Yes, I know this could be an unfortunate subtitle, because taken literally it immediately invokes images of wandering Israelites, desert wilderness and manna from heaven and that is not at all what we will be exploring here. Nevertheless, I am sticking with it and using it in its metaphorical sense; we need to revisit all this rule breaking stuff just one more time.
So, let me ask you a question. What if I could show you a time when Jesus, in a single episode, broke not just one religious rule but three of them! And what if I could show you that this was all completely unnecessary? Could we conclude then, with complete certainty, that Jesus meant to break the rules? Would you join me in accepting that all of the events that we have looked at during this series were intentional, rule breaking acts? And would you concede that the next time you look down at your WWJD bracelet (does anyone still wear these?) the thing that Jesus would do in your situation might look very different than what you were taught in youth group or in membership class? Would you believe me that Jesus just might want you to break some rules?
Well good then, cause here we go….
Now the day on which Jesus had made the mud and opened the man’s eyes was a Sabbath (John 9:14)
In John chapter 9 Jesus encounters a blind man, and the first thing that the disciples want to know is who’s sin caused the blindness…the man’s sin or his parents’? Nice. Jesus responds by correcting the doctrinal error implicit in their less than helpful question and then proceeds to restore the man’s sight.
Now, recall that Jesus once healed a man’s shriveled hand without ever touching the man at all (Mark 3). Recall also that Jesus healed a Centurion’s servant without even being in the same vicinity as the person (Matthew 8). So, lets establish straightaway that no overt actions are necessary for Jesus to restore this man’s sight. In other words, anything that happens beyond Jesus speaking words of healing is nothing more than theater.
And theater is not necessarily bad. Sometimes, we just need to see a thing acted out. Sometimes, a ceremony or ritual enhances our experience and thereby our understanding. So theater can be good. But theater during the first century, in Judea, on the Sabbath, while possibly good, is most certainly going to be scandalous.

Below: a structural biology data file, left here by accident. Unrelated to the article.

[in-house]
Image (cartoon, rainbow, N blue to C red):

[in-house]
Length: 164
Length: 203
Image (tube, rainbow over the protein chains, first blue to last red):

In responding to this blind man, Jesus’ first act of theater is to spit on the ground and make some mud. Uh oh. According to the oral Torah that is a no-no on the Sabbath because combining spittle and dust to make mud would technically constitute kneading, and kneading is work that is forbidden on the Sabbath. Broken Rule #1. For His second act, Jesus forms the mud in His hands. Uh oh, again. According to the oral Torah, forming mud in one’s hands would technically constitute building and, you guessed it; building is considered work that is forbidden on the Sabbath. Broken Rule #2. For His third and final act, Jesus places the mud on the man’s eyes as an intentional act of healing, and you already know from the first three parts of this series that healing is prohibited on the Sabbath. Broken Rule #3.
So here we are again, reviewing a healing performed by Jesus on the Sabbath that could have easily waited until the next day. And furthermore, if this specific act of healing just had to be performed on the Sabbath, it could have happened without all the added drama. It just can not be debated any longer. Another unnecessary act of healing on the Sabbath containing three unnecessary rule-breaking theatrical performances equals a Messiah who absolutely meant to break the rules. In fact, sometimes He seems to be trying to break as many rules as possible!
This is what made Jesus so exceptional in His day. It was His audacity; His complete disregard for established religious practice when mercy and goodness were at risk, and the authority with which he was so audaciously disregarding. It was not His manner of dress, not His childhood, not His schooling, not His trade, not the fact that He was a Rabbi, and not even the fact that He performed miracles. These things were all within the realms of normal for a Jewish Rabbi of His time. What separated Jesus from His peers was His courageous willingness to pronounce woes upon the powerful, to overturn the money tables, and to declare for Himself that He was the one who would fulfill (or rightly exhibit) the Law (Matthew 5:17). And how did He rightly exhibit the Law? Sometimes, He followed it. Often, He clarified and/or redefined it. And as we have repeatedly seen; when necessary He broke it.
Jesus, it turns out, was more than willing to put mud in someone’s eye. Now that would have made for a great subtitle!